Freemasonry’s Millennium Gift To The People of Kent


Funded by the Masonic Provinces of East and West Kent to mark the beginning of the third Christian Millennium, the Rochester Cathedral Fresco was dedicated as part of the Cathedral’s 1400th anniversary celebrations.


The packed congregation was led by the then The Right Worshipful Thecathedralpic3 Provincial Grand Master of East Kent, Worshipful Brother John Bonomy OBE, JP., The Right Worshipful the Provincial Grand Master of West Kent, Worshipful Brother Bill Bryen, members of the two Provincial executives and their partners. The Lord Lieutenant of Kent, The Mayor of Medway, The Bishop of Tonbridge, The College of Cannon s, Honorary Priest Vickers, visiting Anglican Clergy and many Kent Freemasons, their families and friends.



The Fresco meets two needs in the present day life of the Cathedral, to introduce into the north nave transept (through which pilgrims have entered the building for centuries) a prominent and understandable Christian symbol and to provide a focal point for the new Baptistry”.



Painted directly onto a special mix of wet plaster over a period of three years by renowned Russian iconographer Sergei Fyodorov, the Fresco was commissioned by the previous Dean, Edward Shotter and the Chapter in 1999 in a traditional eastern and Byzantine style. It is the first Fresco to be painted in an English Cathedral for over eight centuries. It is the process of painting directly onto wet plaster as it is applied that makes a Fresco a Fresco, it becomes part of the wall as opposed to just a wall decoration.





The Fresco depicts the baptism of Jesus by John The Baptist and two religious milestones in Kent history, the sixth century Baptism of King Ethlebert (who provided the land to build the Cathedral) by St. Augustine and the Baptism of 2,000 Anglo-Saxons on the banks of the river Medway just a stones throw away from where the Cathedral now stands.



Forty four year old Moscow born Fyodorov trained at an art college in his native Russia learning his craft from Orthodox monks. His previous work can be seen in the Danilov Monastery in Moscow, Winchester Cathedral and Westminster Abbey. Because the work had to fit in with the daily life of a busy cathedral the artiste often worked through the evening and late into the night so as not to be disturbed. Said the artist “I am delighted with the work, it is a very detailed and precise piece “, With a cheeky grin he added, “the Fresco includes a group of Freemasons but I’ll leave it up to Freemasons themselves to discover whom!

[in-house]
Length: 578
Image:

The then Provincial Grand Master of East Kent added “ Kent Freemasons have enjoyed a long and happy association with Rochester Cathedral for over one hundred and fifty years. The decision to fund the Fresco was a fitting and significant way to mark that friendship. Clearly, in this beautiful piece of work, it can now be seen what an important and correct decision that was, for the Fresco is a thing of true beauty which will be enjoyed by the people of Kent as well as visitors to our county for hundreds of years to come and well into the next millennium”



cathedralpic7                          cathedralpic8


The Fresco is the latest in a long line of Rochester Cathedral projects funded by Kent Freemasons, they include the restoration of Gundulph’s Tower in 1925, two statues above the West Door depicting Bishops Gundulph and John of Canterbury. A stained glass window in the south nave transept commemorating the appointment of the V Rev Bro Samuel Reynolds Hole as Grand Chaplain in 1897 and the support of a chorister at Kings School. The results of other significant contributions made by English Freemasons can be seen in Malmesbury Abbey, Collegiate Church of St Mary, Warwick, York Minster and the Cathedrals of Worcester, Durham and Truro.


cathedralpic9                           cathedralpic10


Pin It on Pinterest